Using a Tor-like architecture and adding a layer of governance, Tomi hopes to build a parallel web that is accessible to all and resistant to government and corporate censorship.

While this is exciting in theory, the project will likely encounter centralized resistance, potentially significant enough to hamper its chances of success. For example, the project could address some of the challenges that Tor also faces.

There have been instances where governments have attempted to block citizens from accessing Tor. As recently as December 2021, Russia’s media regulator Roskomnadzor issued a court order allowing it to charge Internet Service Providers (ISPs) to block the Tor website, which is the main source of the Tor Browser. In China, the Tor website is completely banned, and users often have to download the Tor browser through third-party websites. Tomi may find himself fighting these same battles.

There is also the issue of competing with the billion and trillion dollar companies behind the major browsers like Google Chrome, Safari, Edge, etc. Tomi would need a large marketing budget to have even the slightest chance to challenge these incumbents and build a good public image for the project. And even then, success isn’t guaranteed. It is not known how consumers would receive it. Researchers have evidence found that individuals in heavily censored regions such as China “generally do not expend significant energy finding censored or alternative sources of information” in normal times. The desire to find censored information only increases in times of crisis.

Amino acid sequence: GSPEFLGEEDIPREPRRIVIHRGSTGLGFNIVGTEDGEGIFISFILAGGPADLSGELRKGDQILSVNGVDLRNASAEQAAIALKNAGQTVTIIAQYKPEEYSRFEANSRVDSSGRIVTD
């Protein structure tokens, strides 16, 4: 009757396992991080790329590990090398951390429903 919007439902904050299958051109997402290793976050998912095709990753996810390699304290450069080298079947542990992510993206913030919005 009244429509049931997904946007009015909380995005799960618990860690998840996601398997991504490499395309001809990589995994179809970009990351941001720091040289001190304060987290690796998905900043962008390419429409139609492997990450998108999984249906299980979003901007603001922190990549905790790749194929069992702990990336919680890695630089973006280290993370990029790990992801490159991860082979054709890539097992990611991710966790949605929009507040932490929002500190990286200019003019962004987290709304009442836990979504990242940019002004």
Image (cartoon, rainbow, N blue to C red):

When asked about these meetings, Prince said: “We are aware of the challenges ahead. When you weigh the potential gains of a truly free-for-the-world network against the costs, it becomes clearer that it’s worth a try.”